In email discussions I have been stating all along that the decision of president Trump to place the wife of Senate Majority Leader Mitch McConnell to head the Department of Transportation has to have involved a quid pro quo deal.
Trump is engineering (very unwisely) a massive public spending 1 trillion dollar ‘infrastructure’ boondoggle that the GOPe and Democrats are salivating over. A large majority of that funding will slide through the offices of the Secretary of Transportation Elaine L. Chao, the wife of Sen.Mitch, who must have assured Trump he would suspend the filibuster in exchange for his wife’s appointment. Remmber, Mitch McConnell is a bona fide weasel, a key member of the GOPe that was against Trump from the very beginning.
SENATE REPUBLICANS NUKE THE SCOTUS FILIBUSTER
Supreme Court Justice Neil Gorsuch is about to become a reality.
Senate Majority Leader Mitch McConnell delivered on a key Trump campaign promise yesterday, brushing away an arcane procedural hurdle and in the process clearing the way for the swift Senate confirmation of originalist Supreme Court nominee Neil Gorsuch.
It is also the first in what promises to be a long series of crushing major defeats for Democrats in the current Congress who are desperate to placate their increasingly rabid far left-wing base.
The “nuking” of the filibuster rule yesterday bodes well for President Trump’s agenda. Trump is in a good position to remake the Supreme Court because so many of its members are elderly and are likely to vacate their seats over Trump’s four- or eight-year presidency. Three of the current eight justices are of retirement age. Left-wing Clinton appointees Ruth Bader Ginsburg and Stephen Breyer are 84 and 78, respectively. Swing vote and occasional conservative Anthony Kennedy, who is 80, was appointed by President Reagan.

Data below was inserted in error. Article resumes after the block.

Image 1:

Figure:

The senior Kentucky senator led the way as Senate Republicans invoked the so-called nuclear option yesterday, voting 52 to 48 along party lines to abolish the filibuster for nominations to the Supreme Court. Rule changes supposedly require a supermajority vote – 67 senators voting aye – in the Senate but four years ago under then-Senate Majority Leader Harry Reid (D-Nev.) the supermajority requirement was ignored and filibusters were disallowed for all judicial nominees below the Supreme Court. Lowering the 67-vote requirement to that of a simple majority is the so-called nuclear option, also known as the constitutional option.